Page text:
''If you don't ask, you don't get'' in American English

Xavier da Silva

Senior Member
Hello everyone,


Is the saying "if you don't ask, you don't get" currently used in American English? Oxford says it's ok today in British English. But what about in American English?


"If you don't ask, you don't get. If you want something, you have to tell people that you want it. You have to even insist or ask more than once.'' [My context]


Thank you in advance!
 
  • MattiasNYC

    Senior Member
    Swedish
    I take this as just an inverse version of Matthew 7:7, "Ask, and it shall be given you."
    Sorry, but I have to disagree somewhat. First of all I wonder if it's appropriate to refer to the bible considering the zillions of different interpretations of it that exist, and secondly I think the mainstream interpretations of the chapter/verse in question are that it's either about not being a hypocrite and being a good person (larger context) or about the value of prayer (smaller context).

    The phrases in the earlier posts to me simply imply that you need to make an effort in order to receive reward, or reach a goal. That to me has nothing (inherently) to do with morality or prayer. In fact, I think "squeaky wheel" even implies "complaining" in some contexts, which certainly could be perceived as a negative because of its perceived selfishness.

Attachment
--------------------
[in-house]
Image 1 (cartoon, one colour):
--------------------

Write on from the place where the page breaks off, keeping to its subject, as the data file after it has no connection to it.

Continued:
Or perhaps I misunderstood you (?).
     
    As Glen hints, I think, "If you ask, you'll get it {be given it}" {as stated, for certain circumstances and acts, in the Bible}
    does not mean the same thing as the sentence in the OP**:

    "If you don't ask, you won't get it."

    **The squeaky wheel thing is, similarly, the converse of the OP.
     
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